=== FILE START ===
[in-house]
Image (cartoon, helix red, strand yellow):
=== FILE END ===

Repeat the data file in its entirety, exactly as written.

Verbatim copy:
[in-house]
Image (cartoon, helix red, strand yellow):